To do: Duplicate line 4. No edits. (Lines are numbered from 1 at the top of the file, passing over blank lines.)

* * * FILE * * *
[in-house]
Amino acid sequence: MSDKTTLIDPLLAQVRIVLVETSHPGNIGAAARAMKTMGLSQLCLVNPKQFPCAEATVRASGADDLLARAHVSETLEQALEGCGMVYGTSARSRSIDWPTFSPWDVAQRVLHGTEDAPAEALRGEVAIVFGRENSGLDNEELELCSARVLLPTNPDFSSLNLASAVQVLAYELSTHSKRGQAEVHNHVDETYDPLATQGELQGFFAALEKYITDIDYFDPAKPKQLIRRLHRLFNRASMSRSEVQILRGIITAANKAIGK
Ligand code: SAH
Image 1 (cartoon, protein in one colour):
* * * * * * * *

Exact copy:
Image 1 (cartoon, protein in one colour):